Still, amid the uncertainty the residents of Bab al-Salameh do their best to carve a semblance of order into their lives.
Her concern was more that the theatrical bloodline was one she could never escape to carve out her own niche.
Any way you carve it, Going Rogue looks to be a $12 million goldmine.
The whole purpose of “Turn the Gays Away” was to carve out religious exemptions to civil rights laws.
I hate to carve up a book into parcels, to evaluate art with that crass finality of the food critic judging course after course.
A sculptor was set to work to carve a new one from the ruin.
Peacocks, &c.: carve like you do the Crane, keeping their feet on.
He then proceeded to carve the nose, but no sooner had he made it than it began to grow.
carve all the letters of the alphabet on a medium sized pumpkin.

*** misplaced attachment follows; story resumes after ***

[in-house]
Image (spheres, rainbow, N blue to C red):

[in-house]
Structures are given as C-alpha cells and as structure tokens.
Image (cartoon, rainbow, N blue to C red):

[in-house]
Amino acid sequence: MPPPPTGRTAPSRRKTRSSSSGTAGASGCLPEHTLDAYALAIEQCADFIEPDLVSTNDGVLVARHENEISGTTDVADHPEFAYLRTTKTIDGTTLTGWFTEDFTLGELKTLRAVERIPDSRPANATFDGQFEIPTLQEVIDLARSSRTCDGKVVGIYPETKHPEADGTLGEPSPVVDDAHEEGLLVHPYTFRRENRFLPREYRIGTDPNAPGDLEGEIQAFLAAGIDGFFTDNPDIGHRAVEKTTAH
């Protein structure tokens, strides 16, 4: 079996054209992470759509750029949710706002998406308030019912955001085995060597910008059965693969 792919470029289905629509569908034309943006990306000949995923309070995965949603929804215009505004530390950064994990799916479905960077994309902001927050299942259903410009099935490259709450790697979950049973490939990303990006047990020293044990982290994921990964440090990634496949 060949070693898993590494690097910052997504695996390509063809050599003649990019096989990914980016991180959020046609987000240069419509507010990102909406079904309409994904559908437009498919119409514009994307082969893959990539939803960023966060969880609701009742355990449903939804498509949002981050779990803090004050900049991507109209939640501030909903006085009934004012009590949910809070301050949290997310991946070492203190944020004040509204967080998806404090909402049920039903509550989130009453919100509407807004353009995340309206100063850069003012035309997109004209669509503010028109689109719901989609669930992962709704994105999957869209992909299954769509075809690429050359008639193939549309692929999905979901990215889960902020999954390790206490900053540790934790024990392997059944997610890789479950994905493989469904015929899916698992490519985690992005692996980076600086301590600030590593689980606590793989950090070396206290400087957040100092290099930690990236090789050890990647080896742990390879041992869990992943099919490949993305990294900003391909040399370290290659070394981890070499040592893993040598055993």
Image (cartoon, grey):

I will carve your statue in marble, for you always stand vividly before my eyes.
Old English ceorfan (class III strong verb; past tense cearf, past participle corfen) "to cut, cut down, slay; to carve, cut out, engrave," from West Germanic *kerfan (cf. Old Frisian kerva, Middle Dutch and Dutch kerven, German kerben "to cut, notch"), from PIE root *gerbh- "to scratch," making carve the English cognate of Greek graphein "to write," originally "to scratch" on clay tablets with a stylus.
Once extensively used, most senses now usurped by cut (v.). Meaning specialized to sculpture, meat, etc., by 16c. Related: Carved; carving. Original strong conjugation has been abandoned, but archaic carven lingers.
To give one a thrill; send: He carves me. Does he carve you? (1930s+ Jive talk)